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'Festive' RIDE campaign targets impaired drivers during holiday season

The annual enhanced RIDE campaign is underway in York Region, following a launch event last night in Newmarket at the site of an impaired driving incident
Nov. 21, 2022
Debora Kelly

The annual enhanced RIDE campaign is underway in York Region, following a launch event last night in Newmarket at the site of a serious impaired driving incident.

York Regional Police released a video "as an example of a very dangerous situation on our roads," in conjunction with the kickoff of the Festive Season Enhanced RIDE campaign in the force's continued commitment to fight impaired driving.

Throughout the holiday season, York Regional Police will have an increased presence on the roads, watching for impaired drivers and conducting RIDE spot checks.

Justine Ellis, whose husband died five years ago five years ago in a collision with a drunk driver, spoke at the launch event as a representative of MADD (Mothers Against Drunk Driving) York Region.

While the loss of her husband, Stuart, still cause her pain, Ellis said she shares her story in hopes that she is helping to save lives.

Pregnant with her second son, Coby, at the time her husband was killed, the single mother's boys are now aged six and four.

The video highlights the incident that began with a call to 911 from a concerned citizen on July 23, 2019, who reported that a vehicle was all over the road with its muffler dragging after repeatedly colliding with the curb.

At the same time that the call was made, an officer conducting stop sign enforcement observed the vehicle going through the intersection without stopping near Bayview Avenue and Brooker Ridge Road, police said.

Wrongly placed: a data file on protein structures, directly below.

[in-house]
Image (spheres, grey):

"The officer quickly formed grounds to arrest the driver for impaired driving," police added.

The driver was later convicted in court and received a fine and one-year driving prohibition, police said.

YRP is asking citizens to partner with them -- "one of the greatest tools we have in improving road safety" -- by calling 911 if they suspect a driver is impaired.

"We consider these incidents a life-threatening crime in progress and will continue to respond to these calls," police said.

More than 5,000 people call 911 to report impaired driving each year, which may not only have prevented serious collisions from occurring, but also led to thousands of impaired-related criminal charges being laid over the years.

"These 911 calls have come in to us from many different sources, from other motorists, pedestrians, drive-thru employees, gas station attendants, liquor store employees, neighbours, to family and friends calling in to prevent potentially devastating situations. These calls save lives."

Citizens are reminded, if you drink alcohol or use drugs, find an alternate means of transportation.